So what am I saying here? That we are all lazy slackers who want the world handed to us on a plate? No not at all. I am saying that humans are largely irrational beings who tend to crave. What these cravings often do is hide the things we actually want or need behind a haze of fleeting desires and a feeling of unfulfilled yearnings. The path to the things we really want can be absolutely gruelling, but because we really want those things that is a path we will gladly walk. At this minute in time I am writing this blog from my bed, still in my pyjamas. There are people in the world currently out climbing mountains and I genuinely could not force myself to get up and do that without breakfast, a shower, coffee etc but that doesn't mean i'm lazy. It means they have a goal and a desire to climb the mountain and it gives them some meaning to their life and their day. Other times I might want to be the mountain climber and they might be blogging in their pjs.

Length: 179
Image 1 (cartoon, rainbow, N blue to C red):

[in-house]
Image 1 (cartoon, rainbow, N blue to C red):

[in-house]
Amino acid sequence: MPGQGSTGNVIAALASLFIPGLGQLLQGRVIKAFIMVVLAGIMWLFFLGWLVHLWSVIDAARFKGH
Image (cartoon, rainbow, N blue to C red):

One, particularly insidious, side effect of this craving things we don't really have the motivation to achieve is envy, the green-eyed beast from the pits of our belly. We see someone with something shiny we want, in a better situation than ourselves, living our dream. The problem is again to do with timing and perspective. We have no idea what they have sacrificed for that which we envy. We don't see the path taken, only the end result and the pot at the end of the rainbow. We are viewing the last few pages of a book, without any notion of whether the preceding chapters are something we'd even want to read. Modern consumerism encourages this viewpoint of the world with credit, high interest loans and buy-it-now-to-save deals. Money is being made on people's envy by offering them a way to bypass the path to goals. Its a cognitive trick and people don't even realise they are being taken in. The problem is that all this actually does is place people on the path, but with no reward. The path is now harder, due to the downside associated with all shortcuts, and there is no payoff. In general if you couldn't take the 'path before goal' approach to something you desire, it might be worth questioning whether you even desired it in the first place.